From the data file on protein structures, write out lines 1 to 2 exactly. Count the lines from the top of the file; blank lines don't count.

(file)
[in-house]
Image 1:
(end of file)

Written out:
[in-house]
Image 1: